For my difficult second post I've decided to add a feature to my blog, straight out of the good ol' days of blogging: an RSS feed.
❤️ ❤️ ❤️ I love feeds! ❤️ ❤️ ❤️
I was an avid Google Reader user and, since Google put a bullet in Reader's head, I've been a paid user of Feedbin. I use Reeder on my phone and one of these days I'll get around to installing NewNewsWire.
For reasons I'll hopefully explain in a future post, I've decided to make this blog by hand and to do my best to make it straight-up standards-compliant, so the feed will need to work this way too (I won't have a wordpress plug-in doing it for me).
As well as this, I want to make sure that if I add a feed it'll actually work in feed readers properly. Finally, I want it to include the whole post including all semantic mark-up for the best end-user reading experience possible.
So, my requirements boil down to a feed that:
Because I'm doing this by hand, I don't want to have to maintain several different outputs — I need to pick a single format.
A bit of research yields three XML based formats, plus the more recent JSON feed.
Unfortunately most of the advice is about a decade old so it needs to be taken with a grain of salt, but at least we're dealing with a settled technology I guess?
The first choice is between using Atom or one of the two versions of RSS. In terms of support they seem to be equal these days but only Atom is an official standard (it's "maintained" by the Internet Engineering Task Force (IETF), though there haven't been updates in years). Additionally, Atom's structure is a bit clearer which will help with authoring by hand.
Next I considered Atom vs JSON Feed. JSON is the data format of choice these days, and it seems to be supported by feed readers, but for now I'm going to stick with Atom, largely due to the reasons above.
With the format decided, I went about creating my feed in a new file call imaginatively
I found the Introduction to Atom by W3 to be the easiest way in to putting my feed together. It explains all the required, recommended and optional elements for both the feed as a whole and the individual entries, with some good examples to boot.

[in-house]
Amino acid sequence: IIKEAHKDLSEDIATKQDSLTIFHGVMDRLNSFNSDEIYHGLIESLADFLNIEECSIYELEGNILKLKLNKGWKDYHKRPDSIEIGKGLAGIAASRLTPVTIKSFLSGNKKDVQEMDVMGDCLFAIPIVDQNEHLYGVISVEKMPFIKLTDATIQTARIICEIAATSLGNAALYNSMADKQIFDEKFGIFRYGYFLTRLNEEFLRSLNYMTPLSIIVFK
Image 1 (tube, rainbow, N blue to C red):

You can see the result in the feed itself, it was no more difficult than writing an HTML page by hand (like this one). To save time later — and assuming this isn't the last ever post on this blog — I also included a commented out entry template for future use.
That said, there are two potential snags that a CMS would usually take care of for me: text encoding and time stamps.
As a person who works on the web every day, I really should get encoding, but really, I don't. I know that UTF-8 has solved most of our problems in HTML, but sadly for me this ain't HTML, it's XML.
I'll start with what I'd like to be able to do: I'd like to be able to cut and paste the substance of my blog post, in HTML, straight into the feed.
If I specify the feeds encoding as UTF-8 like so:
<?xml version="1.0" encoding="utf-8"?> I'm halfway there, "special" characters like macrons and emoji will pass through fine (🤘). But, unfortunately, because XML uses the same reserved characters as HTML (e.g.
< >) this is not possible without confusing the computer that will be trying to understand the feed.
And then I found this post from 2005: Handling Atom Text and Content Constructs. It runs through all the options, the ultimate winner for me being:
<content type="xhtml"> <div xmlns="http://www.w3.org/1999/xhtml"> <p>Blog content goes <strong>here</strong> with <a href="https://www.w3schools.com/html/">normal HTML markup</a></p> </div> </content>
(Ironically I had swap out all the reserved characters in this code to get it to display right here).
This did exactly what I wanted, with only the minor inconvenience of that extra
<div>. No need to transform every
< and so on or use
CDATA which is a bit funky when it comes to the document structure of XML.
Remember how hard it was to learn to tell the time? Remember those irritating maths questions about adding and subtracting time? Remember the last time you tried to work out what time it is in another part of the world in your head? I just had that feeling all over again.
Clearly a feed of recent content isn't useful unless it tells us when the things in the feed were published, in fact this is required by the specification and this publication date needs to be easily interpreted by computers. Our benevolent standards overlords have defined a format for this called ISO 8601 which looks like this:
YYYY-MM-DDThh:mm:ssTZD which looks like this for my first post:
To get this I have to work backwards from local time: removeing the (currently) 13 hours of time difference and then express the result with the time zone adjustment at the end. I am not looking forward to doing that manually, but needs must.
Finally, I needed to add the feed to the
index.html so feed readers can discover it. The was as simple as adding
<link type="application/atom+xml" rel="alternate" title="Left Align full feed" href="https://leftalign.cc/atom.xml" /> to the page's
So that's it. This blog now has a feed and as soon as I stick it up we'll find out if it works!
Once I put it up I ran it through the official validator and I got a lot of errors. Almost all were XML being upset about incorrectly closed tags (the browser interpreted then fine, but there were some missing closing tags dotted about) but I got there in the end.